What are some slangs that describe funny
10 funny German words and their meanings
Although many German learners share a kind of love-hate relationship with this language, we promise: The following ten words are guaranteed to make you fall in love with the German language. It's best to learn them right away and you'll be dying to use these terms yourself soon!
Funny German words
Although you probably already know numerous words and terms that have found their way from German into English, such as "Schadenfreude" or "Zeitgeist", you will certainly be delighted when you see that this wonderful language is even more relevant has to offer.
1. End of work
If you ever work in Germany, don't be surprised if your colleagues wish you a “nice evening” as soon as your working day ends. Contrary to the meaning that is supposed to be behind the word “celebration” - a party - your colleagues do not hope that you will end your evening in a local beer garden.
Even if that may disappoint you, they just wish you a good evening. This term is used to describe the few hours after the end of your work, regardless of whether your end of work actually takes place in the evening or not.
2. Warm shower
Literally translated, “warm showerer” means something like “hot showerer”. In German, however, these two words are used to describe people who do not want to get out of their comfort zone. In English one would use terms like “wimp” or “milksop” to describe such people. Other funny synonyms for warm showerers are for example “Schattenparker” (“shadow parker”) and “Weichei” (“soft egg”).
3. Bad fat
This is a funny German word for an actually sad scenario: Imagine that your girlfriend or boyfriend suddenly broke up. What do you do? Of course, you start scooping ice cream straight out of the box. You may also decide that it takes a few beers to process the drama. Both of these will mean that you will quickly put on some extra pounds.
If you were a German, you would call these kilos “grief bacon”. And even if you haven't been heartbroken, you could still become a victim of the "winter fat". The Germans use this to describe the extra weight that they put on in the long, cold winter months.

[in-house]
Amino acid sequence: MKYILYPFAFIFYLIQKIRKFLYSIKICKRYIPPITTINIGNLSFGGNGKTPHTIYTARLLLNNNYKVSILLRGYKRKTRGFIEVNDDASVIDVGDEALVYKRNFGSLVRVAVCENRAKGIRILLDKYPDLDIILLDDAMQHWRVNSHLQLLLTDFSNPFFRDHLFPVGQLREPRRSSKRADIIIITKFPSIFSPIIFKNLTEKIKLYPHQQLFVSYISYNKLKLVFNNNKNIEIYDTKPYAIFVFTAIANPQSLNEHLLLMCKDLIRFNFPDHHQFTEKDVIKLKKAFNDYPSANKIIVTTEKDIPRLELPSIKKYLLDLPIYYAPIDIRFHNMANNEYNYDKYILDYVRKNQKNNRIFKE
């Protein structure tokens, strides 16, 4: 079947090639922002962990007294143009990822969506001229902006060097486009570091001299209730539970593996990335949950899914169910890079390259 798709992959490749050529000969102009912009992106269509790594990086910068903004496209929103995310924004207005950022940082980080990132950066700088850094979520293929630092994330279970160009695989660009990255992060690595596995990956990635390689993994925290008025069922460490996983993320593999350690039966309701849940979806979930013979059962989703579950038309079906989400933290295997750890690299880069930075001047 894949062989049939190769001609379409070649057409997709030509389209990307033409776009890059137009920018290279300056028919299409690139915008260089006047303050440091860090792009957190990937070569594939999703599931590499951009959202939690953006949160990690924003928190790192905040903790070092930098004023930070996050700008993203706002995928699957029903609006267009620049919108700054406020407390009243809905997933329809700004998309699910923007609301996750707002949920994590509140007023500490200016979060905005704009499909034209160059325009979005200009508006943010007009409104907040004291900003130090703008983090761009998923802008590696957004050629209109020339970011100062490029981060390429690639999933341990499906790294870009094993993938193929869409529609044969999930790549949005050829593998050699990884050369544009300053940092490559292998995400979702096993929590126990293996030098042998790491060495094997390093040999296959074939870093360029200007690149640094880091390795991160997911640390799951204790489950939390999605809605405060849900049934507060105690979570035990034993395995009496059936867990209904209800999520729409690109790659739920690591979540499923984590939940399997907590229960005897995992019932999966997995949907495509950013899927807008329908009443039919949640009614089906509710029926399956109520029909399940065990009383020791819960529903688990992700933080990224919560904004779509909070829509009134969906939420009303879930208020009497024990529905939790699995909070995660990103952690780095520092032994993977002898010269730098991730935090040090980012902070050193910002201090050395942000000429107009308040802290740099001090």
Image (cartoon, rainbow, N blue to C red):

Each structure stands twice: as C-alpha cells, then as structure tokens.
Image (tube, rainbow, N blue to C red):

4. Hip gold
There's no winter in sight yet and you've escaped the broken heart so far? Then there is still the so-called "hip gold" that could be lurking in the shadows. This is just another word to refer to excess fat in the hip and stomach area. Well, never again claim that the German language is not poetic!
5. Ashamed of others
For example, to combat hip gold, you could go to the gym. There you will find situations in which you are “ashamed of others”. For example, when a self-proclaimed Superman flexes his muscles in front of the mirror, you find it insanely embarrassing, don't you? This feeling of embarrassment for another person is called “Fremdschämen” in German. We are guaranteed to have experienced this at least once!
A "bill chipper" is someone who commits bill cheating. You don't understand a word It just means that you go to a bar or restaurant, order food or drinks and consume, but then just go without paying. Of course, you should never do something so outrageous, but at least now you know what to call people who like to avoid paying.
Yes, even long German words can be fun!
Do you remember certain moments when you tried to improve something and in the end you completely ruined it? Then that was exactly what was getting worse: a striving for improvement that only made everything worse than it was before.
This word is often used by people who express their opinions about the latest update of their favorite smartphone or computer app. You will not believe this? Then just search for the word on Twitter!
8. Mind cinema
Head means “head” in English and cinema stands for “cinema”. You don't know what "head cinema" should mean? Mind cinema is what goes on in your imagination when you think about something in great detail. You then forget the time for a moment and feel like you are watching a movie in your own head!
The term “togetherness” is further proof that the German language is romantic and wonderful. You have never heard of "togetherness"? The word describes the self-imposed isolation with which a couple in love distance themselves from the outside world.
The togetherness of the two lovers ensures that they withdraw from their surroundings. The word is derived from the term "loneliness", which means something like "loneliness" in English. But to be honest: togetherness sounds and is so much nicer!
10. Yes and no
One of the biggest stereotypes about German people is that they are very direct and organized. However, when we think about the meaning of the word “yes and no” we can't help but claim that this prejudice must be a little out of date.
As you may have guessed, the word “yes and no” means yes and no at the same time. We are sure that you did not know yet that the Germans are actively working to weaken the black-and-white contrast in our world!
Give the words a try and tell us what your funniest German word is!
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